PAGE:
Both of these terms have a frequency twice that of the orbit. The second one averages to zero over the cycle , which in this case is a year (not the precession period as I had incorrectly recalled). Now both LAN and the peri are showing a roughly 6mo variability but of course it is slightly longer as we know. This suggests that some other bodies are involved.

    So far the test with gravity sim with J,S and V at zero mass is producing numbers identical to last digit. Which in view of relative magnitudes given by trf000 above seems a little odd.
     
  12. Jan 9, 2016 #11

    tony873004

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    To do it in the Windows version, make sure you have the latest beta version available on the message board at gravitysimulator.com

    Start with any sim that contains the planets and the moon.

    Under the File menu, choose File > Output File...

    Choose the Moon, and the desired orbital elements. Check "Create Data File" and "sample every" 2360584.6848 seconds.

    Under the Integrator menu change from Euler to RK-4. Set the time step no higher than 1024.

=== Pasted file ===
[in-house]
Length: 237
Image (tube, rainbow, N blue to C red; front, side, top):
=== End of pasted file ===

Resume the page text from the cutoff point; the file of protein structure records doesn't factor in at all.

When you run it, it will create a file with the same name as your .gsim file but with an extension of .dat or .txt.

    What kind of computer and browser are you using?
    The browser version should be must faster than 1h per year. I get about 15 seconds per year on my both my Windows 10 computer, and my Mac. But both these computers are very new. My 12-year old Windows XP computer does a year in about 3 minutes.

    You can speed it up. I set the time step to 256, but you can increase it to 1024 and still get good results.
    Also, under the "Preferences" menu, change "Do Events" to a higher number.
    Both of these will cause fewer graphic updates, and your orbit might start looking like a stop sign instead of a smooth ellipse, but the data will still be good.

    I'm getting differences 4 places right of the decimal.
    The data for August 30, 2015 gives me Longitude of ascending nodes of:
    180.86465069850223 with Jupiter, Saturn and Venus at their correct masses
    180.86450990382707 with Jupiter, Saturn and Venus masses set to 0

    Make sure after you set them to 0 that you also press "Apply".
    Re-choose them in the dropdown list to verify that their masses are 0.

    Also, make sure your browser is the active window. It doesn't give very many CPU cycles to a buried tab.
     
  13. Jan 9, 2016 #12
    OK browser is firefox 43 ( latest update ) , OS is Linux, single core Athlon 64.
    "windows version" , is there another version? I tried the Win version on XP , it ran the demo on installation but hung there after :(
    I haven't used windoze in years and have no interest is messing around with it.

    I'll have to check that I did the apply thing. I may have missed that. Ah, I've found I need to apply every change before moving to adjust another planet !

    Thanks for the tuning tips. I'll have another try.